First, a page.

Chinesisches Roulette (1976) is Rainer Werner Fassbinder’s macabre marriage farce. It’s a film of cold spaces occupied by unloving individuals caught in a series of maneuvers attempting to gain the adoration and approval of those around them. At the time, Chinesisches Roulette was Fassbinder’s biggest production. It heralded his arrival as an important filmmaker on the international stage.
Rather than conjuring some monumental spectacle Fassbinder opted for the kammerspiele. In true Brechtian fashion Fassbinder choreographs every shot meticulously so that each image broadcasts its subtext as loudly as Peer Raben’s score while simultaneously indicating the inherent artificiality of the image itself. The technical operations of Chinesisches Roulette are as methodical and uncaring as the gestures and actions of its cast of characters.
Chinesisches Roulette presents society in microcosm; the rules and standards of which are manipulated by the players in this psychodrama for their own gain. Imbuing the portrait of a family in turmoil with these political themes becomes, on a personal level, reflexive of Fassbinder’s own unorthodox experience with family. Chinesisches Roulette is a painful catharsis just as much as it is a grim reflection of our world. The abstract constructs that give the world meaning are weaponized in Chinesisches Roulette and rendered in the robotic gestures of the actors and the expressionistic camera moves of Michael Ballhaus.
The title, Chinesisches Roulette (Chinese Roulette), comes from the party game that serves as the climax of Fassbinder’s film. The participants split into two teams of equal number and must ask questions which the opposing team answers that serve as clues as to which participant is being discussed. It’s a truth telling game that reveals as much about the individual players as it does the chosen participant.
The game is suggested by Angela (Andrea Schober), a young girl whose legs were disabled by an unknown illness, on a weekend visit to her family’s country estate where she and her caretaker, Traunitz (Macha Méril), have happened upon her parents (Margit Carstensen and Alexander Allerson) with their lovers (Anna Karina and Ulli Lommel). From the beginning the narrative of Chinesisches Roulette has functioned as a kind of game of truth telling with revelation after revelation happening in quick succession. Not even the servants (Brigitte Mira and Volker Spengler) are immune to the inevitability of truth.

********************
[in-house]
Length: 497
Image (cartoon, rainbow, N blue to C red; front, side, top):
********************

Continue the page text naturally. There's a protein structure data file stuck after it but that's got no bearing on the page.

Truth itself, on a conceptual level, is equated with death. Each time a secret is outed a kind of death of personality occurs. Fassbinder reiterates this with the text at the close of Chinesisches Roulette which is lifted from the Holy vows of matrimony. In Chinesisches Roulette the expression “Till death do us part” could literally be interpreted as “Till truth do us part”.
The theatricality of Fassbinder’s Brechtian aesthetic is itself concerned with performance. In the narrative context of Chinesisches Roulette these performances are almost entirely social, functioning as figurative masks worn by the characters that disguise their true nature and the true roles they are meant to play. This notion, in turn, reconnects to Fassbinder’s desire to present society in microcosm.
One of Fassbinder’s signature strategies as a filmmaker was to, roughly half way through a film, disrupt the tone of the picture with a seemingly bizarre music cue. This is an idea derived from Brecht’s work with Kurt Weill but given a post-modern edge via Fassbinder’s choice of music. The Miklós Rózsa-esque score of Peer Raben is interrupted by Kraftwerk’s Radioactivity in a scene where Traunitz dances about wildly for Angela’s entertainment. This abrupt tonal variance suggests the volatility to come as much as it creates a break from the ever escalating tension.
Chinesisches Roulette is one of Fassbinder’s most formally mature works from the period in his career when he looked to Douglas Sirk rather than Jean-Luc Godard and the French New Wave for aesthetic guidance. It’s ironic then that Anna Karina should appear in Chinesisches Roulette rather than one of Fassbinder’s earlier films like Die Niklashauser Fart (1970). However Karina is still given the glamorous treatment by Fassbinder whose adoration for the star lies just beneath the surface of every image he’s captured of her.